Heart repair study retraction marks second for Mercer University researcher

BasicResCardio_ak12Authors of a study on cardiac repair after heart attack are retracting it from Basic Research in Cardiology because they used “the same samples… to represent two distinct groups on two occasions.”

We find the language of the retraction somewhat confusing, but to the best of our understanding it means that they compared apples to the exact same apples.

The study, published online in 2012, examined the mechanism behind the beneficial effects of a procedure called postconditioning in treating heart attacks. Here’s the retraction notice:

The article ‘‘Postconditioning promotes the cardiac repair through balancing collagen degradation and synthesis after myocardial infarction in rats’’, Basic Res Cardiol (2013) 108:318, was retracted by the authors who regret to have used different fields of the same samples for MMP staining and western blot assay to represent two distinct groups on two occasions in Figs. 4 and 5. Some of the raw data for the earlier experiments with the use of echocardiography for Figs. 8 and 9a were not available for further analysis to exclude that also the same samples were used for two distinct groups. The authors regret the effect of this action on the work of other investigators.

The paper’s corresponding author,  Zhi-Qing Zhao of Mercer University School of Medicine in Savannah, Georgia, was also an author on a different paper retracted earlier this year, as we reported in March. (Oddly, that article is not marked as retracted, either in the journal or in PubMed.)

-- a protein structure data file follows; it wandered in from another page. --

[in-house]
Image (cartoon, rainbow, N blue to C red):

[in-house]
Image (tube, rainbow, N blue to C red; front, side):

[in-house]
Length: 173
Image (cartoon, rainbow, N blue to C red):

The study currently being retracted has been cited 18 times, according to Thomson Scientific’s Web of Knowledge.

We’ve contacted Zhao  and the editor of the journal for comment and will update this post if they reply.

Hat tip: Rolf Degen

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2 thoughts on “Heart repair study retraction marks second for Mercer University researcher”

  1. I just got an email from the author (Zhao) requesting to remove the comments on the Br J Pharm 2012 paper (#22823335) because the Eur J Pharm 2015 paper (#25445044) is the one with duplications, and it is going to be retracted.

    I declined to cooperate, on the basis that it’s important for the scientific record to know where duplicated material originated, even after the paper is retracted (depending on whether the retraction wipes the original PDF & HTML paper out altogether, as sometimes happens).

    Neither journal has yet responded to my original emails reporting the above problems on Tuesday, but I’m guessing EJP might respond to confirm the pending retraction if they were approached by RW?

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